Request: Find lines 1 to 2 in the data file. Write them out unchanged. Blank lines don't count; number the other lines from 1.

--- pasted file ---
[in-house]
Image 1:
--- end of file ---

[in-house]
Image 1: